The way that fully-autonomous vehicles are possible is through billions of miles of data. It doesn't make decisions solely based on reading signs and neither do humans. The technology is well on its way. During the same time a small handful of people have been hurt with semi-autonomous Teslas, hundreds of thousands of people have died in non-autonomous cars.
I do not profess to be and I do not want to extend the debate.

But by way of one singular example....

On my way home from work there is an extended slope. The roadway is slightly elevated, but not a bridge or similar. The roadbed is just higher than the surrounding area.
For no particular reason I can discern, the roadway can become absurdly slippery in winter months. This on days when all other roads are perfectly fine. No precipitation - nothing.

Because I drive that road every single day, I know to use judgment and be very cautious in the winter. Even then, I have lost control slightly (rear tires on my E90 have spun or slid a little bit) depending where it occurred, i have decided to turn around and take another route.

There is nothing one could visually see on the road. You just need to know to be careful. How would an AI car know that? How could the car exercise judgment?
Easy peasy
Boxsterra - 1 year ago
Electric cars have two game-changing advantages over gas-powered cars when it comes to traction. They can both detect and react to slippage extremely quickly (at least thousands of times a second). When the computer has individual control of each wheel and this level of granularity of control, at sane speeds the car can compensate for virtually anything that happens in a way that would be impossible for a human or even a computer-controlled ICE.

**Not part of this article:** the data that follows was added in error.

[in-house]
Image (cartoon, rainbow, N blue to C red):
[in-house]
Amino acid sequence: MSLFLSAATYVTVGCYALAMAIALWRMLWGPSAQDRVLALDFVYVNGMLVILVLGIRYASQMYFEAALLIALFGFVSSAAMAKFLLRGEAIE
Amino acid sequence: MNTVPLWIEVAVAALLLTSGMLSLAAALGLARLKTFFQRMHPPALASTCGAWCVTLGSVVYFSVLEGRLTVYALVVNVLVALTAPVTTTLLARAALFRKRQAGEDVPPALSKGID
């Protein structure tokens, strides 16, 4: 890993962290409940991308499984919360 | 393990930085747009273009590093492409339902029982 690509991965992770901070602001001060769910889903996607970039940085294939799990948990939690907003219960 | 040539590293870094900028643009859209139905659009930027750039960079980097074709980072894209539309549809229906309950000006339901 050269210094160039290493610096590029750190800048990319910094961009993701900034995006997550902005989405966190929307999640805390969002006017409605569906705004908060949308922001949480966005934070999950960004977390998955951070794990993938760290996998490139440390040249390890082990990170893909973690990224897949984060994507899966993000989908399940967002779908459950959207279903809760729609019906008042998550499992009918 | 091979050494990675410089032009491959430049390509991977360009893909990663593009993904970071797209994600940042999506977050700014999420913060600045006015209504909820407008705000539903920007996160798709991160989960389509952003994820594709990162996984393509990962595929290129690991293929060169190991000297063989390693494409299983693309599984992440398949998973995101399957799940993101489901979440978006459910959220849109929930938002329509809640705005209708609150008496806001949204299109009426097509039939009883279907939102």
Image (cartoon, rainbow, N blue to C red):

In your example, I highly doubt that the car would have any trouble handling the conditions. Where the AI comes it is that just like you, it could remember the conditions (in this location it was cold and slippery) for the next time.
Some years ago I was acquainted with an airline pilot.
He used to complain about the differences between Airbus jets and Boeing jets. His concern focused on the amount of computer control Airbus insisted upon vs. the ability to manually control a Boeing if one needed to. (There was more than that, but I do not recall exactly).

Fast forward to the 737 MAX controversy. That entire fleet is grounded because the computers were overruling the pilots and the pilots could not disengage the computer - or at least not fast enough. (Again, there are a bunch of other issues and yes, I am over simplifying.) By saying that, neither I nor my acquaintance objected to autopilot as a concept. But we can rely on tech to a fault.

I submit that if we start to assume the computer can think of everything and all things - we do so at our peril. That is not to say computers have no place. That is not to say humans are infallible - far from it. But I do not want to be fighting with my car while driving.